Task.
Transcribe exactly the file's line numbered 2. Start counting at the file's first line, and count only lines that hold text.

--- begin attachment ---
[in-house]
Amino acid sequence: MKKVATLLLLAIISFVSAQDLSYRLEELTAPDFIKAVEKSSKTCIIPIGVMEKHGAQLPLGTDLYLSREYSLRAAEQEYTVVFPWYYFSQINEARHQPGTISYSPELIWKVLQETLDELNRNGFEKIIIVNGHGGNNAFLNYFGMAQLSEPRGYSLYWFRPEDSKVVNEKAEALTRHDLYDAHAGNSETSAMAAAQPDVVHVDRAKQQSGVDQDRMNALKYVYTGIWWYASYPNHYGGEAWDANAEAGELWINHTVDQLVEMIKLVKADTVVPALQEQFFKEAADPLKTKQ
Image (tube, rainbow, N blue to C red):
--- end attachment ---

Amino acid sequence: MKKVATLLLLAIISFVSAQDLSYRLEELTAPDFIKAVEKSSKTCIIPIGVMEKHGAQLPLGTDLYLSREYSLRAAEQEYTVVFPWYYFSQINEARHQPGTISYSPELIWKVLQETLDELNRNGFEKIIIVNGHGGNNAFLNYFGMAQLSEPRGYSLYWFRPEDSKVVNEKAEALTRHDLYDAHAGNSETSAMAAAQPDVVHVDRAKQQSGVDQDRMNALKYVYTGIWWYASYPNHYGGEAWDANAEAGELWINHTVDQLVEMIKLVKADTVVPALQEQFFKEAADPLKTKQ